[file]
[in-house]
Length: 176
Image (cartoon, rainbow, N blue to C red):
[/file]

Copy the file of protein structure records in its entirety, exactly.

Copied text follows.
[in-house]
Length: 176
Image (cartoon, rainbow, N blue to C red):